Is there any better gift to give for a birthday or holiday than a book? Not in my book.

Now I'm off to investigate the September Sisters in Crime SinC-Up for bloggers. If you're a blogger and interested in knowing more about the SinC-Up, you can visit the bloghop page at the SinC National website. You do not have to be a SinC member to participate. It looks like another fun way to connect with other bloggers, and that's always a good thing.

Monday, September 8, 2014

Remembering Tina Downey

Tina was important to the blogging community through the A to Z April Challenge and a good friend to many. She will be sadly missed.

Thursday, September 4, 2014

My War With the Squirrel and Other Adventures

My War With the Squirrel

There's a squirrel, at least one, that considered one of my bird feeders his personal supply of goodies to stash for the upcoming bitter cold and snowy winter.

I went to my favorite bird supply store to look at squirrel guards and discovered they cost more than my bird feeder did. I decided to try to make my own. I took a foil pan, cut a slit in the middle with my handy-dandy box cutter, and slipped it over the hanger on the feeder. It looked like this:

As you can see, the squirrel was put off for a bit and foraged from the leftovers on the ground under the feeder. He even fought with the mourning doves for the rights.

That lasted four days. First I saw the squirrel hanging upside down on the feeder, it's nose in one of the seed openings and its paws wrapped all the way around the feeder. Soon after, I discovered the bird feeder on the ground with the foil pan pulled sideways, lengthening the handle opening beyond useful.

I took my packing tape outside and patched the tear, then worked the foil pan into more of a dome shape, like this:

It has now been six days and the squirrel hasn't figured it out yet. I haven't seen him try, so I'm not sure if he gave up or tries and slides off. For the moment, at least, the birds are happy.

Other Adventures

Colorado Gold

I'm off to the Rocky Mountain Fiction Writers Colorado Gold Conference near Denver. I'm working the registration table Friday, co-hosting a dinner table with one of our visiting literary agents tomorrow evening, and then just enjoying as many workshops, panels, and visits with writerly friends as time allows.

I'm hoping I come back super-motivated to get busy and finish my wip, organize whatever promo I decide to do for the November release of Dead Wrong, and maybe even get the revisions done on one of my shelf novels. I have too many first or second drafts sitting around doing nothing. More about that below.

My Blog

Starting in mid-September, I have a fun lineup of guest bloggers, many of them from Northern Colorado. We have so much writing talent up here that I thought it was time to show them off, so I invited members of Northern Colorado Writers to join us and share their stories.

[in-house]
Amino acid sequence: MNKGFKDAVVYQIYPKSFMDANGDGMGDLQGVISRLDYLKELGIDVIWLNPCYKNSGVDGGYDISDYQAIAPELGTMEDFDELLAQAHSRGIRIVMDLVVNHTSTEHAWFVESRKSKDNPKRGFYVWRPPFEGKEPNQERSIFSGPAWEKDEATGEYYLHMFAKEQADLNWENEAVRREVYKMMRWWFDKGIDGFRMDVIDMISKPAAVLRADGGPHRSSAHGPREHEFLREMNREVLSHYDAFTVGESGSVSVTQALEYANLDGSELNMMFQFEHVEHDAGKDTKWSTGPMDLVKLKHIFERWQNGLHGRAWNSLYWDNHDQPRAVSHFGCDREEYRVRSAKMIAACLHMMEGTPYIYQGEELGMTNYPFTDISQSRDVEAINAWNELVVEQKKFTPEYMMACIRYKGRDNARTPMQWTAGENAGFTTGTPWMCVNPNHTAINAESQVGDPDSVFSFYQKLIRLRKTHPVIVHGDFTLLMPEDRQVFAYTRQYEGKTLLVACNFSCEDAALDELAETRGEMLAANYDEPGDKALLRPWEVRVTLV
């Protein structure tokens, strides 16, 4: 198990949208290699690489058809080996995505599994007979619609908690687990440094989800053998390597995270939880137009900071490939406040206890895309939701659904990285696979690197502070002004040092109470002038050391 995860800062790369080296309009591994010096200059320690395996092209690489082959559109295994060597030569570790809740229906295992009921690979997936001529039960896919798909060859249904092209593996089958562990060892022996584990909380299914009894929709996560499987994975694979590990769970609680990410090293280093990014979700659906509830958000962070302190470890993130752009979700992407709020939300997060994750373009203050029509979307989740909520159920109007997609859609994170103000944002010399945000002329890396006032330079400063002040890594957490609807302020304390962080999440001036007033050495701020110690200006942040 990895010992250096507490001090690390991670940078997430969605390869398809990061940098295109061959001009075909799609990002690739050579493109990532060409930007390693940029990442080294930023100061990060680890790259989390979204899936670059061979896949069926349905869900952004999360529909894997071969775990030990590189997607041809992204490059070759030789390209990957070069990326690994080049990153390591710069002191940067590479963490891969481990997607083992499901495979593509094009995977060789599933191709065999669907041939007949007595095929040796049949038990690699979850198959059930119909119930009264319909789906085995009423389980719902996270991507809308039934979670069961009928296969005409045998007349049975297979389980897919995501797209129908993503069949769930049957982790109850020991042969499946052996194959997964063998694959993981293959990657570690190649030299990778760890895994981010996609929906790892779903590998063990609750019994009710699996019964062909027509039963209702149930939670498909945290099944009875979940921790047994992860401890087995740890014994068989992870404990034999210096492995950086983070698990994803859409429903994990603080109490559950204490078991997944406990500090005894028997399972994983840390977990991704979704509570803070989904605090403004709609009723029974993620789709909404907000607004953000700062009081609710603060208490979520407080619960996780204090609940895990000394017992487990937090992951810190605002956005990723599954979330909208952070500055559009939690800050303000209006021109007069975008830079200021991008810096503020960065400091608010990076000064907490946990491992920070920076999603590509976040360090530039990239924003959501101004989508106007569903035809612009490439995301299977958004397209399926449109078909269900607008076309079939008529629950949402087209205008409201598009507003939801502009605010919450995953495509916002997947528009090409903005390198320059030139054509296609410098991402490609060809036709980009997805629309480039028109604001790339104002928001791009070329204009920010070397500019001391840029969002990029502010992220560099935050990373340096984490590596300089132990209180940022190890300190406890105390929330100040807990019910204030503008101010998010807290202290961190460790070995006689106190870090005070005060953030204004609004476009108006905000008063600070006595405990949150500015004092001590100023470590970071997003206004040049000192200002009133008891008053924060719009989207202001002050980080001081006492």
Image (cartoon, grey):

Rocky Mountain Fiction Writers Blog

I'm continuing as editor of the RMFW Blog, a project that I helped launch and now serve as co-editor along with author Julie Kazimer. The regular contributors to that blog and most of the guest authors are member of RMFW, an organization that is growing and gaining worldwide attention.

Fiction writers, if you don't already belong to RMFW, check it out for the great newsletter, monthly Denver area and Western Slope programs, online classes, an annual writing competition, a member anthology, the Colorado Gold Conference, a writers' retreat (March 11-15, 2015 in Estes Park, CO), and more.

Yes, I Have Another Book (or two or three) in the Works

This is the neverending story about writing and not writing and taking time off and procrastinating and doing a little of this and a little of that and never getting done...

I have Wishing Caswell Dead which I've now been toying with for about six years -- it's my favorite project and now I'm thinking of rewriting the whole thing to be in the main character's point of view.....maybe all first person. Or maybe not... When you have a novel that's too dear and too precious, you sometimes can't let it go.

I have the untitled first draft of a mystery from NaNoWriMo 2011 (conveniently called NaNoWriMo2011) that needs a lot of work. I may decide to change the setting and sequence of events for that one and ramp up the tension in a couple of places. Or not.....  This one is not dear and precious, it's just too, well, too NaNoWriMo, if you know what I mean.

And then I have Out of Control which I began as a NaNoWriMo novel in 2013 but quickly realized it could be a decent psychological suspense if I stopped NaNo and worked on a better structure and timeline. I might finish that one by the end of the year.

That's not all.

The 1986 first draft of Against Her Better Judgement sits on my shelf. It's supposed to be romantic suspense. Sigh.

The 1985 action-adventure novel I wrote with my brother, The Troubleshooter, only made it to audiotape in 2000. It would need a lot of work to make it a good mystery, and even then the subject and time frame (trucker/union/management circa 1970s) might not be marketable.

And while all that's wobbling drunkenly around my brain, I need to promote Dead Wrong, now available for pre-order in hardcover from the usual places.

So I'm just going to let all that sit there and percolate while I go pack for Colorado Gold. I'm taking my camera this year. I might see if I can get some photos of writers acting badly. Just for fun.